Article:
Quentin Tarantino Responds to ‘Foot Fetish’ Claims in His Movies

Quentin Tarantino has addressed the claims regarding his apparent ‘fetish’ for featuring women’s feet in his movies.

With a career spanning decades and a portfolio including diverse genres, Tarantino’s unique style is unmistakable. His films range from the dark, criminal underbelly of the 90s, epitomized by “Pulp Fiction,” to the martial arts saga “Kill Bill,” and the western-themed “Django Unchained.”

A recurring element in his films, however, has caught the attention of fans and critics alike: the close-up shots of women’s feet. This detail, seen in movies like “Pulp Fiction” and “Once Upon a Time in Hollywood,” has stirred discussions over the years.

Addressing these observations, Tarantino remains unfazed by the scrutiny. Speaking to G2 in 2021, he dismissed the criticism and argued in favor of his artistic choices. “I don’t take it seriously,” he said, suggesting that it is a part of his directorial approach.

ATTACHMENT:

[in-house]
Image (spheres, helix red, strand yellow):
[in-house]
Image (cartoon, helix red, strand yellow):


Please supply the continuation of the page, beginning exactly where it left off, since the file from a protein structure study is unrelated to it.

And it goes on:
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He further defended his inclination to include these shots by pointing out similar practices among other esteemed directors. “There’s a lot of feet in a lot of good directors’ movies,” Tarantino remarked, citing Luis Buñuel, Alfred Hitchcock, and Sofia Coppola as examples who have faced similar accusations.

Tarantino’s predilection for featuring feet has become a well-known aspect of his films within the industry, often sparking light-hearted references.

This was humorously highlighted at the 2020 Screen Actors Guild Awards, where Brad Pitt, while accepting the award for his role in “Once Upon a Time in Hollywood,” made several jokes about Tarantino’s fixation. Pitt thanked his co-stars’ feet in his acceptance speech, playfully commenting, “Quentin has separated more women from their shoes than the TSA.”

In the same vein, Margaret Qualley, featured in “Once Upon a Time in Hollywood,” spoke to Indiewire in 2019 about her reservations regarding the foot-focused scenes.

“I genuinely was like, ‘Quentin, this is a bad idea. I don’t have good feet’,” she recalled. Despite her concerns, these distinctive shots have become an integral and recognizable part of Tarantino’s cinematic storytelling.